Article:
District agrees to retest neighbor’s well water
PHOENIXVILLE Phoenixville Area School District officials have agreed to retest the well water at a residence after the homeowner claims it’s been contaminated by a nearby district construction project.
Neighbors said the installation of a geothermal heating system at the new elementary school construction site has contaminated the well water coming into their home and may have given them pneumonia. The district denies any wrongdoing, citing documents that show it tested the water and found it safe to drink. It believes the problem isn’t coming from the site, but likely from the neighbors’ well itself, according to district officials.
Speaking on behalf of her parents, William and Marian Menkins, Lynn Lindsay stood before the Phoenixville Area School Board Thursday night to demand a meeting with the district and complain about the installation of a geothermal heating system at the site of incoming Phoenixville Area Early Learning Center and Manavon Elementary School. She said because of the drilling required to install the system, the water at her parents’ 103 Hallowell Ave. residence has turned brown and the bacteria in the water has made them sick.
“You can’t drink it,” Lindsay said. “You can’t bathe in it. You can’t wash your clothes in it.”
The family believes the contaminated water is what led to 88-year-old William’s nearly 10day stay in the hospital for bacterial pneumonia this past July. William has an artificial heart valve and doctors told him he must not be exposed to any more bacteria or drink any more of the water or
it could kill him. Marian became infected with the disease five days after her husband, Lindsay said.
The family claims to have made several phone calls to
the district since June, specifically to Stan Johnson, executive director of operations, about this water issue, but their calls weren’t returned, according to Lindsay.
After a Right-to-Know request was filed Thursday by Digital First Media, the district said it has searched its email records along with
phone records dating back to Aug. 26 but could not find any calls coming from the Menkins’ number. However, Johnson said the district wasn’t ready to give a final response to the request just yet and would continue to search its records to make sure.
When the Menkins spoke
to the district’s engineer, Anthony Cutrufello, about the issue, the district sent someone to test the well water, Lindsay said.
“The ironic thing was that when we got the test results back, instead of 103 Hallowell Ave., it was from 111 Hallowell Ave.,” she said. “So we’re still waiting for 103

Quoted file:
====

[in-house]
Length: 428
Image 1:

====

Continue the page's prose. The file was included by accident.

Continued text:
Marian said she and her husband and the Rossi family at 111 Hallowell Ave. are the only houses that share the well water line.
Meanwhile, Lindsay said she’s already begun the process of determining what kind of filtration system needs to be installed to resolve the issue.
“It has to be taken care of,” she said. “It can’t go on any longer.”
The district said Thursday it would look into the situation and school board member Joshua Gould requested an update on the situation at the next building and grounds committee meeting.
District officials met with Lindsay and Marian Monday afternoon. The district denied their claims, citing documents which show they tested the water and results show it is safe to drink. The problem, they said, may be the Menkins’ well. The two sides then agreed to re-test the water. Testing was performed on Tuesday and results were expected to take about 10 days to come back.
A Right-to-Know request showed documents dating from Oct. 28, 2015 to March 17, 2016 supporting the district’s claim that it had taken necessary steps to make sure the construction project would minimally affect the surrounding neighbors. In addition, documents from July 18 to Aug. 2, 2016 show the district tested the Menkins’ water. Results from that test show the water was acceptable to drink and recommended the family contact their well installer.
Documents ranging from June 23 to July 17, 2016 also show the Rossi family, who live at 111 Hallowell Ave., notified the district that they were having issues with their water, specifically that it smelled like diesel fuel. The water was tested twice by ALS Environmental and the Chester County Health Department which concluded the results were in normal range.
The Rossi family told Digital First Media it was unable to definitively blame their water issues on the district, despite having their water tested three times, including once by a company they hired. They have since installed a water filtration system and cleaned their water tanks, which seems to have resolved the issue.
As for the Menkins, they said they are waiting on the results of the second water test before making their next move.
Phoenixville Superintendent Alan Fegley said the district has agreed to test the Menkins’ water once again, just to be sure.
“We are looking to retest the water to understand the situation,” he said. “The water tests that we have show that there was no bacteria in the water at all. But we will check it again.”